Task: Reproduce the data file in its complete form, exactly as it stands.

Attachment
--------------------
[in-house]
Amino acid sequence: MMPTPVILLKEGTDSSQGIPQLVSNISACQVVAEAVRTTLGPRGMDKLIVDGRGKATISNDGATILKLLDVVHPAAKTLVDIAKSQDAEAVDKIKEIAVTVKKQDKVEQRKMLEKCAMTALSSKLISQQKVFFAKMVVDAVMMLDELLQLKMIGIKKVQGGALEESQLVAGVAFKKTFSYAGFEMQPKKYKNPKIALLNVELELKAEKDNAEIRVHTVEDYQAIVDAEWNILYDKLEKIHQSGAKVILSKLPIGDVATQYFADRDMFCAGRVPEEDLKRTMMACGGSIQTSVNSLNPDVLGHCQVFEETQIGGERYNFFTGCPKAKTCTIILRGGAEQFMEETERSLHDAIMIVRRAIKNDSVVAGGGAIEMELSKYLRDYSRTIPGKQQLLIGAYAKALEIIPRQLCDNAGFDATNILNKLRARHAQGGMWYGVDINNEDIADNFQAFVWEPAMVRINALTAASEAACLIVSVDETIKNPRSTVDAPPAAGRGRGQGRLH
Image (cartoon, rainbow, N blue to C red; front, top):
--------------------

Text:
[in-house]
Amino acid sequence: MMPTPVILLKEGTDSSQGIPQLVSNISACQVVAEAVRTTLGPRGMDKLIVDGRGKATISNDGATILKLLDVVHPAAKTLVDIAKSQDAEAVDKIKEIAVTVKKQDKVEQRKMLEKCAMTALSSKLISQQKVFFAKMVVDAVMMLDELLQLKMIGIKKVQGGALEESQLVAGVAFKKTFSYAGFEMQPKKYKNPKIALLNVELELKAEKDNAEIRVHTVEDYQAIVDAEWNILYDKLEKIHQSGAKVILSKLPIGDVATQYFADRDMFCAGRVPEEDLKRTMMACGGSIQTSVNSLNPDVLGHCQVFEETQIGGERYNFFTGCPKAKTCTIILRGGAEQFMEETERSLHDAIMIVRRAIKNDSVVAGGGAIEMELSKYLRDYSRTIPGKQQLLIGAYAKALEIIPRQLCDNAGFDATNILNKLRARHAQGGMWYGVDINNEDIADNFQAFVWEPAMVRINALTAASEAACLIVSVDETIKNPRSTVDAPPAAGRGRGQGRLH
Image (cartoon, rainbow, N blue to C red; front, top):